History on N.L.'s doorstep: Studying fossils in Upper Island Cove

Upper Island Cove is home to fossils that will help scientists understand creatures over half a billion years old. (Submitted by Christopher McKean - image credit)
Upper Island Cove is home to fossils that will help scientists understand creatures over half a billion years old. (Submitted by Christopher McKean - image credit)

Newfoundland's Mistaken Point, Port Union and Gros Morne are known for fossils and geological studies. But tucked away in Conception Bay North, there's another site that could help scientists understand not only the island — but the entire planet.

On a beach in Upper Island Cove, PhD candidate Christopher McKean and his research team from Memorial University have been conducting field work for the last three years.

The fossils on that site, he said, are from the Ediacaran time period, which dates back to half a billion years ago.

"It's the oldest period in time where we actually have complex fossils that you can see with your own eyes in the fossil record. Before that, it's just small, microscopic, single-celled creatures."

Led by Duncan McIlroy, McKean's PhD research is focused on the site in Upper Island Cove. The site was discovered in 2004, but little work has been done there.

Submitted by Christopher McKean
Submitted by Christopher McKean

McKean, describing Newfoundland as a "geologist's playground," said the fossils found in the province are that of the first complex creatures found anywhere on the planet.

"You do find them globally, but here in Newfoundland in particular, it's the oldest of them. So the oldest of the oldest fossils found anywhere on planet Earth are found here, including the site at Upper Island Cove."

CBC/Jonny Hodder
CBC/Jonny Hodder

To put it into perspective, he said, the fossils are nearly three times older than the first dinosaurs.

"This is when we see the very first life forms taking that step to modern life."

McKean said the creatures were discovered in the 1950s, and to this day, exactly what they are is still up for debate.

"These animals, or potentially animals, are so unique, so different, that they've been suggested to be algae in the past, they've been suggested to be lichens, they've been suggested to be a different branch of evolutionary history that's not related to anything today."

The creatures are called the Ediacaran biota, a general term to use until they can be properly classified.

McKean said they are starting to think these creatures are either the oldest animals on Earth or their ancestors.

Unlike a dinosaur bone, Ediacaran fossils cannot be studied in a lab because they are preserved as impressions in rock, much like a footprint. The research group makes silicone casts of the fossils to study.

Research key to understanding evolution

McKean said the research is important in understanding the evolution of life, the history of the earth, and how life has diversified and changed over millennia, and the fossils are the starting point of that understanding.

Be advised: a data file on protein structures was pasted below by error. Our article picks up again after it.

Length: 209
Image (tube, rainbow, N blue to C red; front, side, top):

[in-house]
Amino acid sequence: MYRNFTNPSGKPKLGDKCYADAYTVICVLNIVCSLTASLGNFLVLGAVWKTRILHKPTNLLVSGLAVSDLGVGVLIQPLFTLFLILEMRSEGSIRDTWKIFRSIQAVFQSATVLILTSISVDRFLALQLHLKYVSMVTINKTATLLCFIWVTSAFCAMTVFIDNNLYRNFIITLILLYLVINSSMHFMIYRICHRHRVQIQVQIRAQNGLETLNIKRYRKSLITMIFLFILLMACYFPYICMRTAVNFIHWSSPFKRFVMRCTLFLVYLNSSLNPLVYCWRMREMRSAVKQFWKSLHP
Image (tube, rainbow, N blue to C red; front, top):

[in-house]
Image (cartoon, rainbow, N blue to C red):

Submitted by Christopher McKean
Submitted by Christopher McKean

Compared with specimens at Mistaken Point on the Avalon Peninsula, McKean said the fossils are about 10 million years younger in Upper Island Cove.

"But when we're looking at this time period, what's 10 million years between friends, right?" he said with a laugh.

He said the specimens at the Upper Island Cove site are similar species and similar composition. The main difference is the size: the fossils in Upper Island Cove are smaller.

"But with these ones as well, they are actually preserved in three dimensions, in Upper Island Cove. On the Bonavista Peninsula and at Mistaken Point, they tend to be a bit more 2D, a bit more flat."

With 3D preservation, McKean said, researchers are "getting evidence of the thing that created the impression, as well. And we don't see that anywhere else."

Geographically, said McKean, when the creatures from these impressions were alive, Newfoundland was situated south of the equator.

"At the time, the bit of Newfoundland that makes up these rocks was just off the coast of an island arc chain, which we refer to as Avalonia, named after the Avalon Peninsula."

A project like this comes with a lot of questions, said McKean, such as why are these fossils unique? Why are they preserved in three dimensions? Why are they smaller than the ones at Mistaken Point and Port Union?

"Are they truly the same as what we see elsewhere on the Avalon, or are they something completely unique? Are they something new to science?" he said.

He said the team has explanations for why the fossils look the way they do, and that research should be published this year.

The pride of Upper Island Cove

McKean also said working with the community of Upper Island Cove has added to the experience of his field work.

"People will say, 'Oh my word, I've had barbecues on top of this rock before' or 'I've taken pictures of my wedding on this rock.'

"When you tell them what they actually are and the importance of them, there's such a pride in the community. And having this piece of history just on their doorstep, we've found people in Upper Island Cove especially have been really proud of that."

As a part of the team's geoconservation efforts, they have also set up cameras to record weather and human interaction to help them better preserve the site for future generations.

He said future scientists will be able to study the silicone casts rather than the site itself, which will help preserve it.

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